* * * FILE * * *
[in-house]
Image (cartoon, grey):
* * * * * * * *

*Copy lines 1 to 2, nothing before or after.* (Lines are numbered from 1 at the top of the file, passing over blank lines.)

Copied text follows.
[in-house]
Image (cartoon, grey):